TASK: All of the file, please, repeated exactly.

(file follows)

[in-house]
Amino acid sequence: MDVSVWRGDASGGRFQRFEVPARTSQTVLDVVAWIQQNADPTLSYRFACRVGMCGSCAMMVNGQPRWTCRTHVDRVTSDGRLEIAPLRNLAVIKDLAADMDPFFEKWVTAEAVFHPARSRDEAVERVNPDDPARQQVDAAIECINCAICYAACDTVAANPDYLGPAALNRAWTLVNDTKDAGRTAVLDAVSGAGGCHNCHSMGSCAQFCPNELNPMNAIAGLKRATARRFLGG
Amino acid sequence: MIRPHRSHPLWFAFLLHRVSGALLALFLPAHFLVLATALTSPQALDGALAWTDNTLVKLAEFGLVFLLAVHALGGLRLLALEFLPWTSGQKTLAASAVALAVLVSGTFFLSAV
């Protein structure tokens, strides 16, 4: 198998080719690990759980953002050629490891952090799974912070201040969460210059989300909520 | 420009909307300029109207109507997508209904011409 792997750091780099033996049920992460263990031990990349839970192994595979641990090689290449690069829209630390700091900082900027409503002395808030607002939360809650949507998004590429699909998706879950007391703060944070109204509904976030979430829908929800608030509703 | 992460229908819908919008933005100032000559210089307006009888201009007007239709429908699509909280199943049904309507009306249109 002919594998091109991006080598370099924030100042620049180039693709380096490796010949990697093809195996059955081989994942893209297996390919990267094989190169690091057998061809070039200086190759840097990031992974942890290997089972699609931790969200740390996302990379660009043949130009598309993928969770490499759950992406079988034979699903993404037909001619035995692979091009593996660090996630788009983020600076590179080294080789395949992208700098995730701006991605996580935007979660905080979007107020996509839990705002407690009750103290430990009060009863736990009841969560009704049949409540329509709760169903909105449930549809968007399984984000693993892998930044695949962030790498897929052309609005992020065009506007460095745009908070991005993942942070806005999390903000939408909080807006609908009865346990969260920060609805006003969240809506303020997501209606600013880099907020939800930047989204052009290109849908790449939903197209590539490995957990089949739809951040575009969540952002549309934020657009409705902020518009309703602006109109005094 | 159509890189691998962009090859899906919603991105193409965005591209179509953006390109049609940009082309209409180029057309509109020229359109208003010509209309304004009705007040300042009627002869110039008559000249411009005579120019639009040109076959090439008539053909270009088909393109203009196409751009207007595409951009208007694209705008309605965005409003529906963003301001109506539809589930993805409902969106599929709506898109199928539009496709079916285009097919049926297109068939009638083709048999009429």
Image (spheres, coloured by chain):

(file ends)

[in-house]
Amino acid sequence: MDVSVWRGDASGGRFQRFEVPARTSQTVLDVVAWIQQNADPTLSYRFACRVGMCGSCAMMVNGQPRWTCRTHVDRVTSDGRLEIAPLRNLAVIKDLAADMDPFFEKWVTAEAVFHPARSRDEAVERVNPDDPARQQVDAAIECINCAICYAACDTVAANPDYLGPAALNRAWTLVNDTKDAGRTAVLDAVSGAGGCHNCHSMGSCAQFCPNELNPMNAIAGLKRATARRFLGG
Amino acid sequence: MIRPHRSHPLWFAFLLHRVSGALLALFLPAHFLVLATALTSPQALDGALAWTDNTLVKLAEFGLVFLLAVHALGGLRLLALEFLPWTSGQKTLAASAVALAVLVSGTFFLSAV
């Protein structure tokens, strides 16, 4: 198998080719690990759980953002050629490891952090799974912070201040969460210059989300909520 | 420009909307300029109207109507997508209904011409 792997750091780099033996049920992460263990031990990349839970192994595979641990090689290449690069829209630390700091900082900027409503002395808030607002939360809650949507998004590429699909998706879950007391703060944070109204509904976030979430829908929800608030509703 | 992460229908819908919008933005100032000559210089307006009888201009007007239709429908699509909280199943049904309507009306249109 002919594998091109991006080598370099924030100042620049180039693709380096490796010949990697093809195996059955081989994942893209297996390919990267094989190169690091057998061809070039200086190759840097990031992974942890290997089972699609931790969200740390996302990379660009043949130009598309993928969770490499759950992406079988034979699903993404037909001619035995692979091009593996660090996630788009983020600076590179080294080789395949992208700098995730701006991605996580935007979660905080979007107020996509839990705002407690009750103290430990009060009863736990009841969560009704049949409540329509709760169903909105449930549809968007399984984000693993892998930044695949962030790498897929052309609005992020065009506007460095745009908070991005993942942070806005999390903000939408909080807006609908009865346990969260920060609805006003969240809506303020997501209606600013880099907020939800930047989204052009290109849908790449939903197209590539490995957990089949739809951040575009969540952002549309934020657009409705902020518009309703602006109109005094 | 159509890189691998962009090859899906919603991105193409965005591209179509953006390109049609940009082309209409180029057309509109020229359109208003010509209309304004009705007040300042009627002869110039008559000249411009005579120019639009040109076959090439008539053909270009088909393109203009196409751009207007595409951009208007694209705008309605965005409003529906963003301001109506539809589930993805409902969106599929709506898109199928539009496709079916285009097919049926297109068939009638083709048999009429």
Image (spheres, coloured by chain):